The survey also found that 29 percent of the news directors polled said they were comfortable with the idea of using footage shot by someone outside the station if it were brought to them, although some said they would not actually solicit drone footage. Another 16 percent of the stations would use drone footage for special stories or events, 14 percent preferred using them in breaking news, 13 percent for major weather events, 11 percent for general news coverage. Interestingly, only 2 percent said they would use it for sports coverage.
As per the new rules, drone flyers must be at least 16 years old and have a remote pilot certificate, or be directly supervised by someone with such a certificate.
In December of last year Tulsa Fox affiliate KOKI-TV become the first news station in its market to become certified by the FAA to use a drone for a newscast. The station used a DJI Phantom 3 Professional drone up to get a bird’s eye view of some of the flooding problems around the area.
Part of that approval required a licensed pilot to fly the drone, which the station’s Chief Meteorologist James Aydelott received. In a statement, the station said it would comply with FAA guidelines and focus on safety while using its drones.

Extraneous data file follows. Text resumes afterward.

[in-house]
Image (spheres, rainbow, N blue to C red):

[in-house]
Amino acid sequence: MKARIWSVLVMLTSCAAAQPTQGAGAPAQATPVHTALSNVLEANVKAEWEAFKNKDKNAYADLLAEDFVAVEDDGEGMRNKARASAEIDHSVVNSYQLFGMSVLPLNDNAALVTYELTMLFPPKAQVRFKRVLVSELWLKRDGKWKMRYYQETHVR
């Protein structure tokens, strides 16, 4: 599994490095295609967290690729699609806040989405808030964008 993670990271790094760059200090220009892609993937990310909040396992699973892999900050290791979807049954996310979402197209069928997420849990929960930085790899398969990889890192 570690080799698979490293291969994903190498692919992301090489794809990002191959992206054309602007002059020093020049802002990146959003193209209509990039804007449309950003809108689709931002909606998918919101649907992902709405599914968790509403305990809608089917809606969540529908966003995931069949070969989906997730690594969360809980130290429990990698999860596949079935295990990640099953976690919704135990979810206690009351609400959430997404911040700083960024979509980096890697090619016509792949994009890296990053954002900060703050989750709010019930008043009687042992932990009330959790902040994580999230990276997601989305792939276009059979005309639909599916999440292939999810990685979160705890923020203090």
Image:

The station said the inaugural flight for its UAV came after more than a year of planning and safety considerations, which led to the FAA approving drone us for KOKI-TV and all Cox Media Group stations. In fact, KOKI-TV’s sister stations in Atlanta, Boston, Jacksonville, Memphis and Orlando have all experimented with UAVs as part of their daily news coverage.
“We’re giving our viewers a perspective of the day’s major events like they’ve never had before,” said Greg Bilte, Vice President and General Manager of KOKI-TV and KMYT-TV. “Every day we promise to cover news that matters, this new technology will help us do that for our viewers.”
The rules require commercial users be at least 16 years old and have a remote pilot certificate, or be directly supervised by someone with such a certificate. One way to qualify for a remote pilot certificate is for an individual to pass an initial aeronautical knowledge test at an FAA-approved center. Security background checks will be conducted on all remote pilot applicants.